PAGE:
I always love it when a band surprises me. I happened upon Ignea’s latest single on YouTube the other day; or, rather, the site autoplayed it for me after something else. I loved it immediately, and then realized that I already had a promo kit for the album. What luck! Ignea’s “The Realms of Fire and Death” released on April 17th, and I’m really enjoying it.
Ignea (meaning “flaming” in the feminine) comes to us from Ukraine. I had some expectations about the band right away, thinking them more in line with symphonic metal, such as Delain or Epica. While that is partially the case, I think they are much more than that. The current lineup is difficult to find online, but I believe it includes: Evgeny Zhytnyuk on vocals and keys, Helle Bogdanova on vocals, Alexandr “Xander” Kamyshin on bass, Dmitri Vinnichenko on guitars, and Ivan Kholmohorov on drums.
Ignea plays a progressive metal that mixes in elements of symphonic, folk, and electronica. You will hear lush, majestic keyboards, but also folk melodies, especially Middle Eastern, and you will also hear plenty of electronic loops and accents. The band seems to mix all of this seamlessly, without a hitch. On top of that, Helle lays down both melodious clean vocals and also brutal harsh vox, something which really becomes a highlight with multiple listens.
“The Realms of Fire and Death” is a concept album with multiple short stories therein. These stories can be found in a book that comes with the album, too. These tales are something like fairy tales, and they have some rather profound moral messages. One story, for example, involves a queen who is told that a twin will be the one to kill her. She sets out to kill all twins in her kingdom before seeing the error of her ways. The stories are interesting, and something to ponder.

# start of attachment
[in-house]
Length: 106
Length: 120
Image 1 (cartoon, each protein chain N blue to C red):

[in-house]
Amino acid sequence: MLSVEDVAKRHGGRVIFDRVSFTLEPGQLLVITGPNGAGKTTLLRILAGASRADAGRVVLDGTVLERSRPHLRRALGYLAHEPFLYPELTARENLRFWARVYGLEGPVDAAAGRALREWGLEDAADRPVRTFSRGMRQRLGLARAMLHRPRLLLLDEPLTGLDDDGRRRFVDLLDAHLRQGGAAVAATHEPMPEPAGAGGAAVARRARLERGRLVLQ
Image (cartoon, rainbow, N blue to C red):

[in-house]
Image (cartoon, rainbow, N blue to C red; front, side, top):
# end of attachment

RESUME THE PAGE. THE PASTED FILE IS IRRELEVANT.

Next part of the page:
The band is rather good at crafting songs with explosive intros, orchestral melodies, catchy choruses, and brutal waves of riffs. Some songs are heavy on harsh vox, such as the opener “Queen Dies”, but they are always balanced with some very beautiful clean singing, too. Some songs are more like a ballad, such as the addictive “What For”, which is very folk-oriented and such a joy. There is even a song performed in the band’s native tongue, called “Чорне Полум’я (Chorne Polumia)”. Honestly, I love the sound of their native language, and it works really, really well, especially with the waves of electronica and heavy riffing. The song is also available in English as a bonus at the end of the disc, and it is called “Black Flame” there.
I like every song on the album, though. “Out of My Head” sounds quite progressive, and the chorus really sticks with me. “Í Tokuni” is an Eivor cover, and they nail the sound, making it feel wistful and eerie. Some of my favorite moments on the record are the heaviest, most unleashed songs, such as “Too Late to Be Born”, which is unrelenting and amazing.
I think the last three songs on the album are the best, though. “Gods of Fire”, “Jinslammer”, and “Disenchantment” are a whirlwind of music, lush with beautiful soundscapes, ravaging riffs, and electronic accents. “Disenchantment” was the single that I heard initially, and it has a Middle Eastern bent to the sound, something like Orphaned Land would do. These three songs really demonstrate why I love this album, and display the carefully crafted vocal lines that elevate the music so much.
Ignea have a winner on their hands. There isn’t a weak song on the album, and I find myself humming the songs all the time. “The Realms of Fire and Death” seems like a labor of love in every way, outshining other similar albums this year already. I’m looking forward to following this group in the future.
Find Ignea online: